DAKAR (Reuters) – The Congolese lower house of parliament has adopted a new mining code that will increase taxes and royalties, two members of parliament and an aide to the speaker said.
The code had originally been proposed in 2015, but was shelved because of fierce objections from mining companies, which complained that it would put off investment. It now goes to the Senate for another vote.
Two lawmakers, Alain Lubamba and Juvenal Munubo, and Adam Chalwe, an aide to parliament speaker Aubin Minakund, confirmed the bill’s passage late on Friday, saying only relatively minor changes had been made.
Congo is Africa’s largest copper producer, a significant gold miner and one of the world’s leading sources of cobalt, increasingly sought after for use in electric car batteries.
The government suspended consideration of the revised code in March 2016 because companies had objected that its increased royalties and would make their projects unprofitable at current low commodity prices.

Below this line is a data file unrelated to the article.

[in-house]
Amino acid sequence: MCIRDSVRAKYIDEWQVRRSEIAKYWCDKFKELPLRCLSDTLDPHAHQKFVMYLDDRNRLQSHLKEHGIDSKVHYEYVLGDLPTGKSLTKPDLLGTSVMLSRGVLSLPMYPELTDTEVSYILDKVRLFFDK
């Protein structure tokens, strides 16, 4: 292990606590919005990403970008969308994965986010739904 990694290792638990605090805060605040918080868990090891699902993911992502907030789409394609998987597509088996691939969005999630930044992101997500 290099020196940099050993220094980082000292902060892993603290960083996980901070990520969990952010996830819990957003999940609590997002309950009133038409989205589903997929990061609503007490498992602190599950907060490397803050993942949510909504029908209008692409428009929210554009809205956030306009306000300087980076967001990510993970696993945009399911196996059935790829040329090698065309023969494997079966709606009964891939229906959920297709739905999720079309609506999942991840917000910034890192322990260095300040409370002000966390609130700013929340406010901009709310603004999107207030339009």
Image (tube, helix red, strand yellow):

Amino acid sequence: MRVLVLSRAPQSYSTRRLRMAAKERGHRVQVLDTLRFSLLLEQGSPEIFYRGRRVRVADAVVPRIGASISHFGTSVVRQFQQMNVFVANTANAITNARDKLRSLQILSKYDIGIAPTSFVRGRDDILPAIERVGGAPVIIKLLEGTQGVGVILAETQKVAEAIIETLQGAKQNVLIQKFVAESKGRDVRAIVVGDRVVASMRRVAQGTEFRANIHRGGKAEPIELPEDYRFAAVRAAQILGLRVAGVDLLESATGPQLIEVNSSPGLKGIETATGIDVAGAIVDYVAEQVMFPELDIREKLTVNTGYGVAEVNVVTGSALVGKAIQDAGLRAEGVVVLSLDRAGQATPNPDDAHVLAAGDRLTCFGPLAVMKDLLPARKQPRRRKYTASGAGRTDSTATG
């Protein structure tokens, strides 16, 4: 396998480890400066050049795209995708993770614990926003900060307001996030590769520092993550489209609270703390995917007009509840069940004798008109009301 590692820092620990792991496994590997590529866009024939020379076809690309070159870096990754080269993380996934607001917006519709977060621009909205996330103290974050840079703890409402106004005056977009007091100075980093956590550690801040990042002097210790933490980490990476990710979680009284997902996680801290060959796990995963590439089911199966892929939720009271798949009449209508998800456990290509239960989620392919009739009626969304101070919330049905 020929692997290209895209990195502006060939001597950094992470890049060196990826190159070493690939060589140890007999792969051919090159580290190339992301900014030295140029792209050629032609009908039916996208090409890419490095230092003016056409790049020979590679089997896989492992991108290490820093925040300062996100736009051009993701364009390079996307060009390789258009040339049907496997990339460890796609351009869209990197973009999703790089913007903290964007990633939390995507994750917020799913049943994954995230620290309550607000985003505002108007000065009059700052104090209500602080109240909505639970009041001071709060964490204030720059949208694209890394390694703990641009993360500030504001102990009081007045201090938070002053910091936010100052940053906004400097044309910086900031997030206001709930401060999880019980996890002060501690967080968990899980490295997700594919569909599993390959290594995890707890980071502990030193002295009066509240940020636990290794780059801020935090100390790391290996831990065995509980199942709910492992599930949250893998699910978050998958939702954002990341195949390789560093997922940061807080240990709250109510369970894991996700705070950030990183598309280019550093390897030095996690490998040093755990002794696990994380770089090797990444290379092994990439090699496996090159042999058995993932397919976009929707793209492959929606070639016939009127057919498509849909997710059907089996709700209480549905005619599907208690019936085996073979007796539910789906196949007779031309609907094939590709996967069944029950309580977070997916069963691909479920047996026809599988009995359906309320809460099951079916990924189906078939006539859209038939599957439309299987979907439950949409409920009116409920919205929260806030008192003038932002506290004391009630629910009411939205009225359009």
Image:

In the earlier version of the bill, Copper royalties increase to 3.5 percent from 2 percent. Gold royalties go up to 3.5 percent from 2.5 percent. It was not clear whether or not these had changed.
Major investors in Congo’s mining sector include Glencore, Randgold Resources and China Molybdenum.
Low commodity prices since 2015 have left the government desperately short of cash and caused the franc currency to collapse. Mining and oil accounts for about 95 percent of export revenues.
Lubamba said changes to the bill included an increase of the state’s minimum unpaid share of new mining projects from 5 percent to 10 percent and an amendment that, for large-scale mines, a Congolese investor must also hold at least 10 percent of shares.
Writing by Tim Cocks; Editing by Toby Chopra